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In The Physiology of the Joints by Kapandji, he provides a diagram on page 21

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He does not formally define the concept of "resistance" but just creates this variable $R$ and claims that, if $n$ is the number of curves,

$$R = n^2 +1$$

enter image description here

He also references an equation called "Delmas Index"

$$DI = \frac{\text{length of vertebral column from tip to tip with curves}}{\text{length of vertebral column from tip to tip fully extended}} \times 100$$

Unfortunately, he provides no citation for any of this. Upon Googling both of these a fair amount, I have sadly found other physiology textbooks reference only this book. There doesn't seem to be any actual scientific analysis given.

There are no references given anywhere in the book.

My question is,

Does an actual quadratic relationship exist between the curves and the resistance of the rod to compression? If so, what is the real equation used in fields like continuum mechanics?

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    $\begingroup$ Google for references to "axial stiffness of curved beams" or "end loaded curved beams". For example you could probably convert the results in pages.hmc.edu/dym/20-JSE2011EndLoadedBeams.pdf to use the Delmas Index etc. But the quote in your OP is getting close to "engineering illiteracy" IMHO - it seems to be making up terminology on the fly without bothering to define it properly (Cue "Trust me, I'm a doctor" joke?) $\endgroup$
    – alephzero
    Aug 16 '17 at 13:41
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When a curved solid is subjected to compressive stress, the displacement depends on the curvature (all other things being equal). When you have a section of material with a certain bending stiffness, and the entire section is curved with a radius $R$ and a subtended angle $2\phi$:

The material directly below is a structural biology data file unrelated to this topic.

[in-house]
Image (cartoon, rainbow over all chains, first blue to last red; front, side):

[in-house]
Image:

enter image description here

then an axial load F will give a bending moment $M=Fh$ and change $\phi$ by $\Delta \phi \propto \frac{M}{EI}$. Displacement of the ends of the beam (towards each other) will depend on $\phi$ and $R$,

$$\Delta x = 2R\left(\sin(\phi+\Delta \phi) - \sin\phi)\right)\\ \approx 2R\cos\phi \Delta \phi$$

To relate this to the force, we need to know $h=R(1-\cos\phi)$, where I am assuming the initial curvature (at $\phi = \phi_0$, if you like) occurs without needing to apply any stress.

Then

$$\Delta x = 2R\cos\phi \frac{F R(1-\cos\phi)}{EI}$$

How you can translate this into the equations you quote really depends on the assumptions you make. If you assume the radius of curvature to be constant, then two shorter arcs with the same curvature have much lower value of $h$ and will be stiffer; but if you assume that the displacement $h$ is the same, then the radius of curvature must be much smaller, and the object will be more compliant. If you assume constant total length $L$, you can convert $\frac{L}{R}=\phi$.

I hope you can play around with these equations to convince yourself that the "standard rule" requires a lot of assumptions. I am not sure it's worth going much deeper into this - but ask questions in the comments and I can clarify if needed.

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